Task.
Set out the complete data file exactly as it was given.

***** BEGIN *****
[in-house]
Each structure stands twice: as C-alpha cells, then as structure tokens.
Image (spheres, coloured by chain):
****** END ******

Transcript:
[in-house]
Each structure stands twice: as C-alpha cells, then as structure tokens.
Image (spheres, coloured by chain):